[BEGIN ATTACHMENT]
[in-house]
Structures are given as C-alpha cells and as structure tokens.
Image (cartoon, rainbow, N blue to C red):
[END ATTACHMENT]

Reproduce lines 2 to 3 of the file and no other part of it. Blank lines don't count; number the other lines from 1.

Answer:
Structures are given as C-alpha cells and as structure tokens.
Image (cartoon, rainbow, N blue to C red):